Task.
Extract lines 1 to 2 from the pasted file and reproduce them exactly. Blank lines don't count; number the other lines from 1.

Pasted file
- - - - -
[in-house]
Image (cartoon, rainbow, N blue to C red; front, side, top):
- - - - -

[in-house]
Image (cartoon, rainbow, N blue to C red; front, side, top):